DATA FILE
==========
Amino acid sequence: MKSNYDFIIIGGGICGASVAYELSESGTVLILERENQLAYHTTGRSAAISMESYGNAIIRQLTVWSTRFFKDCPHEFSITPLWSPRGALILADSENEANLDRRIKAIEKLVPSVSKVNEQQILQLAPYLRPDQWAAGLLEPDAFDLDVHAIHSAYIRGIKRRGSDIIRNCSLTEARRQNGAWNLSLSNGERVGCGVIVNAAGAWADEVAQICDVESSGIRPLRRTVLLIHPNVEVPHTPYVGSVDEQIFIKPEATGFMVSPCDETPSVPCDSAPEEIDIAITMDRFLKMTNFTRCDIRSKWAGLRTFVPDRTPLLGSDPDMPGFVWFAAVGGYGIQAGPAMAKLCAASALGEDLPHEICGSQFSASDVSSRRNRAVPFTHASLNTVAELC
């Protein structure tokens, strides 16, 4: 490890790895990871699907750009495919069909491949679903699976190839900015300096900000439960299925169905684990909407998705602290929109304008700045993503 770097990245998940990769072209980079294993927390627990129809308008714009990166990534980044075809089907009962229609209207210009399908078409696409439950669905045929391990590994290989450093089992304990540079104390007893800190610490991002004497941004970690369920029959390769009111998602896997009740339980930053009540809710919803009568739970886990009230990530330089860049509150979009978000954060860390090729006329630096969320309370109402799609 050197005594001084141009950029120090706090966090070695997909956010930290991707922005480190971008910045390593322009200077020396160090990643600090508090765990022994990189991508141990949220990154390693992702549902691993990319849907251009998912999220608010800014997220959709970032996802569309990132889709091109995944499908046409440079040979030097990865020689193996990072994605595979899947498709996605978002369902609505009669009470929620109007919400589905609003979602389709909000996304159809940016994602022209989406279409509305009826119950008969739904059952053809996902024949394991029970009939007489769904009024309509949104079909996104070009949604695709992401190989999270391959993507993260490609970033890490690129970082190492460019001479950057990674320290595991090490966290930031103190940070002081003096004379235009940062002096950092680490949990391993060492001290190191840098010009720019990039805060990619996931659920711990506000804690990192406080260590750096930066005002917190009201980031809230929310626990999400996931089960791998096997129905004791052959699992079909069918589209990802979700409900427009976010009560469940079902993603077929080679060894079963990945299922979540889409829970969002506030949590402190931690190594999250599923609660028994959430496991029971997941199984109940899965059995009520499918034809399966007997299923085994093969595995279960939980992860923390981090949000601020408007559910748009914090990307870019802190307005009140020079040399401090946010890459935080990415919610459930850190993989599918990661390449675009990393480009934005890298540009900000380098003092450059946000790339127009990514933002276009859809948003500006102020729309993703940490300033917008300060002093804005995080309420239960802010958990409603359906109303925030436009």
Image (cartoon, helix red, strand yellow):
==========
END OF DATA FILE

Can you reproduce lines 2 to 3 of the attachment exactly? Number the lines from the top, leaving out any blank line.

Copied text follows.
């Protein structure tokens, strides 16, 4: 490890790895990871699907750009495919069909491949679903699976190839900015300096900000439960299925169905684990909407998705602290929109304008700045993503 770097990245998940990769072209980079294993927390627990129809308008714009990166990534980044075809089907009962229609209207210009399908078409696409439950669905045929391990590994290989450093089992304990540079104390007893800190610490991002004497941004970690369920029959390769009111998602896997009740339980930053009540809710919803009568739970886990009230990530330089860049509150979009978000954060860390090729006329630096969320309370109402799609 050197005594001084141009950029120090706090966090070695997909956010930290991707922005480190971008910045390593322009200077020396160090990643600090508090765990022994990189991508141990949220990154390693992702549902691993990319849907251009998912999220608010800014997220959709970032996802569309990132889709091109995944499908046409440079040979030097990865020689193996990072994605595979899947498709996605978002369902609505009669009470929620109007919400589905609003979602389709909000996304159809940016994602022209989406279409509305009826119950008969739904059952053809996902024949394991029970009939007489769904009024309509949104079909996104070009949604695709992401190989999270391959993507993260490609970033890490690129970082190492460019001479950057990674320290595991090490966290930031103190940070002081003096004379235009940062002096950092680490949990391993060492001290190191840098010009720019990039805060990619996931659920711990506000804690990192406080260590750096930066005002917190009201980031809230929310626990999400996931089960791998096997129905004791052959699992079909069918589209990802979700409900427009976010009560469940079902993603077929080679060894079963990945299922979540889409829970969002506030949590402190931690190594999250599923609660028994959430496991029971997941199984109940899965059995009520499918034809399966007997299923085994093969595995279960939980992860923390981090949000601020408007559910748009914090990307870019802190307005009140020079040399401090946010890459935080990415919610459930850190993989599918990661390449675009990393480009934005890298540009900000380098003092450059946000790339127009990514933002276009859809948003500006102020729309993703940490300033917008300060002093804005995080309420239960802010958990409603359906109303925030436009």
Image (cartoon, helix red, strand yellow):